While protectionist sentiment is on the rise, Canadian businesses are being encouraged to do more with China, which appears to be in stark contrast to the message U.S. businesses are getting from the incoming Trump administration.
The experience of U.S. businesses in China is worsening. The Canadian government and businesses have to be clear on their objectives in dealing with China in order to succeed, as well as be wary and able to recognize when Chinese actions are not necessarily of long-term Canadian benefit, according to Paul Frazer, president of PD Frazer Associates and a Washington-based government affairs consultant on Canada-U.S. relations.
Prime Minister Justin Trudeau’s cabinet shuffle aims at strengthening Canada’s business relationship with China. Meanwhile, president-elect Donald Trump’s tough talk on China has ranged from losses of American jobs to currency manipulation. He has appointed hardline trade representatives to continue to be tough on China.
“I don’t think that what Mr. Trump does with China will necessarily spill over negatively to what Canada would like to do with China,” Frazer said in a telephone interview. Frazer has previously served as minister of public affairs at the Canadian Embassy in Washington, as the consulate general in New York, and in Prague as ambassador to the Czech Republic and Slovakia.
But Frazer seems to hold some skepticism about what Canada is trying to accomplish with China. “I’m not sure we have a clear picture of what Canada wants to do with China yet either, or how it’s going to go about trying to achieve specific objectives.”
Frazer has advocated for the Canadian government to blaze its own trail and not simply ride the coattails of the United States in international relations.
Canadian businesses realize that its biggest growth opportunities lie in China; however, the biggest challenge has been the ease with which it can do business in the United States, said Frazer. The United States has the infrastructure, rule of law, and transparency that China doesn’t.
“Working with China is a much heavier lift, as you can imagine,” Frazer said.
The rise of the protectionist spectre is not new and “Buy America” isn’t something that has just emerged recently, Frazer said. “It goes back many years and every time it’s proved to be harmful.”
With supply chains deeply integrated across Canada, the United States, Mexico, and globally, the worry is the knee-jerk reaction to stronger calls to embed “Buy America” wherever it can be done. How that could trigger responses of a similar nature in other parts of the world, which can signal a downward spiral of increased protectionism, is something nobody wants to see, said Frazer. This would seriously threaten jobs in both Canada and the United States.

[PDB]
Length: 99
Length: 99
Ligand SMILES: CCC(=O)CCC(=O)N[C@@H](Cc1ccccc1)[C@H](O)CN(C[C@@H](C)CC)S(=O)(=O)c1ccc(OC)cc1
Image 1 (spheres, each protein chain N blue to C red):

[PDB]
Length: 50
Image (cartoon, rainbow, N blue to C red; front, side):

Canadian businesses have been saying that regulations and trade barriers are already hurting export growth, according to the Bank of Canada’s Business Outlook Survey released Jan. 9. “The perception of rising protectionism leads a number of businesses to maintain or build a foreign presence,” the BoC stated.
China won’t be accustomed to dealing with the likes of Trump and this could make it more eager to do business with Canada, albeit on a much smaller scale.
“Where the Canadians will have to be careful is to recognize where they may be taken advantage of, where they’re more a pawn in a bigger game,” said Frazer.
At next week’s World Economic Forum meeting in Davos, Switzerland, China will be front and centre with a “larger-than-ever” delegation headed by president Xi Jinping, “underscoring China’s determination to assume a global leadership role as other major powers are hobbled by domestic infighting,” according to a Bloomberg report. The U.S. presence will be minimal by historical standards.
Canada is in a vulnerable position due to its dependence on exports. The economy has been in the doldrums since late 2014 due to weak commodity prices and flagging export growth.
With the rising cost of production in China, investors may start looking elsewhere the longer it takes to establish greater transparency in regulations and the rule of law.
Some German and U.S. companies believe protectionist sentiment is rising in China. The German automakers have to use local partners to manufacture cars in China.
The most recent American Chamber of Commerce survey, conducted earlier this year, showed that regulatory obstacles are forcing a small portion of U.S. companies to move activities away from China. Eighty-three percent of tech, industrial, and natural resource sector companies are the most downbeat on Beijing’s attitude toward foreign companies. U.S. businesses in China were less profitable in China in 2015 as compared to 2014.
A good deal of uncertainty faces Canadian businesses, which are in a wait-and-see mode, according to a Bloomberg interview with John Manley, president and CEO of the Business Council of Canada.
As Trump’s inauguration approaches, the focus is turning to how the administration will function.
Getting things done is not a slam dunk and the Republican Party is not really united, said Frazer. “It’s papered over at the moment because they have a president who brought them to the dance very successfully,” Frazer said.
He also said that due to the natural tension between the White House and Congress, there could be a rocky patch after Jan. 20 as a number of issues are broached—including health-care reform.
“It’s not a parliamentary system,” Frazer said. “It’s not a prime minister with a majority.
“It’s a president who has to rely on the cooperation, collaboration, and the ability to persuade the folks in Congress to do what he would like to see done.
“And they will push back.”
With additional reporting from Fan Yu
Follow Rahul on Twitter @RV_ETBiz